The Image of the Intelligent Machine in Science Fiction
Fiction picked up man’s dependency on machines at an early stage: the work of both H.G. Wells and E.M. Forster, for example, indicates that the presence of the intelligent machine was felt long before the emergence of the modern computer. Mary Shelley’s Frankenstein had earlier explored a central dilemma of the industrial revolution, namely how, in exploiting the possibilities offered by science and technology, man is to be responsible to both his creator, or to basic ethical principles, and to the use and implications of what he has created. Frankenstein, the chapter argues, embodies the spirit of the industrial revolution and reflects on the ethical issues involved in developing an artificial and intelligent being. The chapter traces other instances of the intelligent machine in fiction, from Daedalus’ sculptured nymphs which came to life, to Asimov’s modern robot, Qutie, which claimed, convincingly enough, to be superior to its human creators. Science fiction, however, has still to explore adequately the issues and dilemmas which haunt Al-research, such as the question of whether a computer can be constructed to become aware of itself or to meet an acceptable test for human intelligence. Science fiction, in other words, has yet to discover myths and symbols appropriate to recent developments in AI research.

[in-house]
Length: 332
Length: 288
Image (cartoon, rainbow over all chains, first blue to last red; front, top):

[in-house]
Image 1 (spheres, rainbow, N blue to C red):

KeywordsSteam Hexagonal Ghost Serpentine Hyde
Unable to display preview. Download preview PDF.
- 1.Forster, Em The machine stops. In: The eternal moment and other stories, 1928Google Scholar
- 2.The Oxford and Cambridge Review Google Scholar
- 3.First published 1905Google Scholar
- 4.Claire Clairmont (1978-1879) was the daughter of Godwin’s second wife and her first husband, and was really not related to Mary Godwin at all. She was cristened Clara Mary Jane, but seems to have preferred the more artistic name “Claire”Google Scholar
- 5.On return to England, Claire gave birth to a daughter, Allegra and Byron was named the fatherGoogle Scholar